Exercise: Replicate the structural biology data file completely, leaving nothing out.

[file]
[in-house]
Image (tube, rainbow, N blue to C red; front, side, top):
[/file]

[in-house]
Image (tube, rainbow, N blue to C red; front, side, top):